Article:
Opinion: Liverpool's draw in Dortmund shows European resilience non-existent under previous regimes

The Reds were fancied by few to get a result against Dortmund, but the indication is that they could be shocking teams for years to come.

Opinion: Liverpool's draw in Dortmund shows European resilience non-existent under previous regimes
Klopp takes in the atmosphere before kick-off (photo: Offside)

Once the pre-match pleasantries had been completed, and there were certainly enough of them, it was thought that the headlines were already written.

Jürgen Klopp was taking his new love back to the empire he had helped create, a place that welcomed his visit with open arms, but one that was ready to crush the new-found love.

If half of newspaper column inches were to be adorned with praise for the harmonic version of You'll Never Walk Alone, sung by both sets of fans minutes before kick-off, then the other half were expected to describe a routine victory for Borussia Dortmund.

After all, the Germans are hot on the heels of European superpower Bayern Munich in their own league, whilst Liverpool are struggling to even qualify for Europe next season.

In addition, the Reds' European decline over the past seven or eight years showed no evidence that the current crop of player's had either the talent, or know-how, to put themselves in pole position ahead of the return leg at Anfield. 

But that's just what they did.

Divock Origi celebrates his opening goal in Dortmund (photo: Getty)
Divock Origi celebrates his opening goal in Dortmund (photo: Getty)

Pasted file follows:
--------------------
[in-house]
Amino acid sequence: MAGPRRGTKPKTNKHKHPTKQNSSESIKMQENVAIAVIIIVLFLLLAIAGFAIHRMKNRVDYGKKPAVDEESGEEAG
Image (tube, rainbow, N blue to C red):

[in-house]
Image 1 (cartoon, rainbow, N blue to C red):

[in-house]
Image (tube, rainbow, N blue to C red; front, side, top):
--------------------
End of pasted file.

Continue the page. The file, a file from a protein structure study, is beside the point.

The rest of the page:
Liverpool have been dire in Europe post Benitez

Whilst many favour to talk about Liverpool's European glory of the 70's and 80's, you don't have to go back all that far to find a period where the Reds were one of the most feared teams in Europe.

The consistency required for all-conquering Premier League success never quite came under Rafa Benitez, but his European record on Merseyside was second to few.

The Champions League was won in 2005, whilst a final was narrowly lost in 2007. The years in-between those finals saw a last 16 defeat to Benfica, however the semi and quarter final's were reached respectively in the two years following 2007. 

Benitez yielded five consecutive season's where Liverpool reached at least the last 16 of Europe's Premier Club Competition, a place which they haven't been back to in the year's following his departure.

The days of European glory under Benitez seem long ago (photo: Getty Images)
The days of European glory under Benitez seem long ago (photo: Getty Images)

Roy Hodgson helped Liverpool limp into the Europa League last 32 the season after Benitez's departure, but his incompetency in the league ensured that he'd never get to manage the club in a knock-out tie.